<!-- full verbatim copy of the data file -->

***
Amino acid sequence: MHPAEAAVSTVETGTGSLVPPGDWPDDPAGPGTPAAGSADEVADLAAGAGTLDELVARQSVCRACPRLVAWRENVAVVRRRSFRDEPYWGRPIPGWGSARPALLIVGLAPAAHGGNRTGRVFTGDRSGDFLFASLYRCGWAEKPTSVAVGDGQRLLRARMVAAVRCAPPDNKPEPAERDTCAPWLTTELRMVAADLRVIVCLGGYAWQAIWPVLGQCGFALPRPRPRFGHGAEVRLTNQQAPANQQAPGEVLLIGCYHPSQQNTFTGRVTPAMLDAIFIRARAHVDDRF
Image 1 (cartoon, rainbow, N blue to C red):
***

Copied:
Amino acid sequence: MHPAEAAVSTVETGTGSLVPPGDWPDDPAGPGTPAAGSADEVADLAAGAGTLDELVARQSVCRACPRLVAWRENVAVVRRRSFRDEPYWGRPIPGWGSARPALLIVGLAPAAHGGNRTGRVFTGDRSGDFLFASLYRCGWAEKPTSVAVGDGQRLLRARMVAAVRCAPPDNKPEPAERDTCAPWLTTELRMVAADLRVIVCLGGYAWQAIWPVLGQCGFALPRPRPRFGHGAEVRLTNQQAPANQQAPGEVLLIGCYHPSQQNTFTGRVTPAMLDAIFIRARAHVDDRF
Image 1 (cartoon, rainbow, N blue to C red):